The Laws of Texas, 1923-1925 [Volume 22] Page: 68 of 1,648
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58 SPECIAL LAWS.
Denton and Decatur road; thence in a southeasterly direction following
the Denton and Decatur road to a point due west of the
northwest corner of the A. Miller 320 acres survey, said point
being the S. W. corner of a tract, of land owned by J. R. Christal,
thence east to place of beginning.
SEC. 2. Provided, that the Krum Independent School District and
the board of trustees thereof shall have and exercise all the power,
authority and jurisdiction over all the lands and territory and inhabitants
thereof that are by this Act included and created into
this the Krum Independent School District that are given in the
General Laws of the State of Texas to independent school districts
and the board of trustees thereof.
SEC. 3. Provided, that the provisions of this Act shall be cuniulative
of all General Lawvs now in force or hereafter to be enacted
governing independent school districts, their manner of creating
debts, levying taxes, collecting taxes, except when the same are
in conflict with the provisions of this Act.
SEC. 4. The fact that the territory added to what is now known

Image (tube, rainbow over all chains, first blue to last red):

as the Krum Independent School District has not adequate free
school facilities to meet the demand of the scholastic population
with respect to buildings, funds for maintenance and the further
fact that the funds of what is now known as the Krum Independent
Sehool District is not sufficient to maintain adequate school
facilities to meet the immediate demands of the scholastic population,
creates a public necessity, that the constitutional rule requiring
bills to be read on three several days be suspended' and that this
Act take effect and be enforced from and after its passage, and it
it so enacted.
[NoTE.-The enrolled bill shows that the foregoing Act passed
the House of Representatives, no vote given; and passed the Senate,
no vote given.]
[T'he foregoing Act was presented to the Governor of Texas for
his approval on the 13th day of February, A. D. 1923, but was not
signed by him nor returned to the House in which it originated,
with his objections thereto, within the time prescribed by the Constitution,
and thereupon became a law without his signature.]
Effective 90 days after adjournment.
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Gammel, Hans Peter Mareus Neilsen. The Laws of Texas, 1923-1925 [Volume 22], book, 1925; Austin, Texas. (texashistory.unt.edu/ark:/67531/metapth15500/m1/68/: accessed September 25, 2017), University of North Texas Libraries, The Portal to Texas History, texashistory.unt.edu; .